We actually poured our first half tire yesterday evening. Just as we were finishing the pour we got caught in a rain storm and had to get everything put away and covered for the night. To make matters worse the storm knocked out the electrical power and we did not have any water pressure while cleaning up. BC Hydro did not get power restored until around 10:30 am today. Breakfast was poached eggs and toast on the barbecue, and we started packing tires in the morning using the generator. Incentive to get the earthship done and off the electrical grid!

We poured the concrete using a portable mixer, screened gravel/sand off the site, and portland cement (3/4/5 ratio).

We added engineered fibres to each batch of concrete to increase the tensile strength of the concrete.

By the end of the day this is what the site looked like!

More detailed photos and captions courtesy of Sandra.

Concrete 1/2 block forms using mesh.

Here's Sean finishing up a mesh form.

Filling the second row of tires: Line with cardboard (and plastic if rainy/wet) fill with dirt, same ole, same ole!!! As many others have discovered before us, getting a perfect cardboard circle is not only difficult, it is hard to stuff in the tire! We consulted the book and started shoving two rectangles in the hole. In the rain and dampness we used thin, used lumber wrap to line the cardboard, otherwise the cardboard was soaking through before we could compact the tire.

Here's Stephen in the blue jacket filling a second row tire!

Tuesday, July 7, 2009

Flower Mystery Solved!

Stephen's student teacher posted a reply to our mystery! The flowers are called Livingston Daisies and she purchased the seeds at Art Knapps.

It's a small world. I was in at the Royal Bank in Kamloops today and I noticed the lady helping us had the last name of Curle, which isn't common. I asked if she was related to Stephen's student teacher and it turned out she was her mom! I left Stephen's email address and this blog address with her. Jillian had just returned from Asia and took a look at the picture on the blog tonight!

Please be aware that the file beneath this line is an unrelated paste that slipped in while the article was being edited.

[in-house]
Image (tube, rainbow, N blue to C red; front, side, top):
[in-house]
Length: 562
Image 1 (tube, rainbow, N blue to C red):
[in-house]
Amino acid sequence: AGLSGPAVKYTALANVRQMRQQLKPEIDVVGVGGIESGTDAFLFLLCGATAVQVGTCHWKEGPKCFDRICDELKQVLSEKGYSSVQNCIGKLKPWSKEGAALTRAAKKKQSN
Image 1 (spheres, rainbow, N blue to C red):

Jillian just received her teaching certificate this spring! Congratulations! I know all the students in Mrs. Fraser's Grade 4 class loved her. Here's to finding a job quickly, Jillian!

Cardboard Scavanging

Today we spent the day in Kamloops tending to errands, grocery shopping and some materials shopping for the house. We needed to get the material to pour small concrete "half blocks" for infilling in the tires. Chris will probably elaborate on that later.

Our other mission was to round up more cardboard, which is used on the second round and every subsequent round, to prevent the dirt from falling to the round below. Essentially we need a large "plug" for each tire. I had already made the round of our local stores in Barriere.

I wasn't prepared to be stunned by our cardboard search in Kamloops. Much like our first foray into tire gathering, I hadn't realized how much cardboard there is in our consumer lives! We first went to The Future Shop, figuring that a large appliance store would have big pieces. The appliance salesperson gamely disappeared into the back room and came back, somewhat apologetically, with 5 or 6 medium sized boxes. Apparently the stack of cardboard had just been "crushed". I asked him what day would be best to come and when did they "crush" their stack? Apparently any time somebody walked by and felt like compacting it.

I didn't really clue in yet but after I pulled up to the shipping bay of Sears and sent Chris in, only to see him come out shaking his head, we started our education. Chris told me that he and another gentleman were both after cardboard but they could hear the crusher start up as they approached the door. No go at Sears.

Next we pulled up to the Bay and Chris waited for a bit while an employee loaded a patio table into somebody's truck. I watched the fellow shake his head at Chris. After he got into the car I was beginning to think that these crushers must be hydraulic and make a lot of really cool noise, if they were crushing so often!

Next we went to Home Depot. I'm going to digress. We humans have a really fine tuned ability to select the information that is important to us. Despite having been at the Home Depot many times, as well as other large stores, I couldn't think where each store's shipping department would be. Some were so obvious it was amazing I didn't notice them before! But I guess when one's mind is on its target (the product to purchase) one does not think of the input/output part of the equation.

At Home Depot Chris came out with another 4 or 5 decent sized boxes. Then to my least favourite store, Wal-Mart (blech). I wish I'd had a camera. Lined up in their shipping lane were about 20 pallets with the crushed cardboard waiting for removal. These "crushers" do a really compact job. While Chris was in trying to wheedle some cardboard out of them, I was trying to decide if taking a whole bale of cardboard on our trailer on a subsequent visit would yield enough of the stiffer cardboard to make it worthwhile. Still not sure.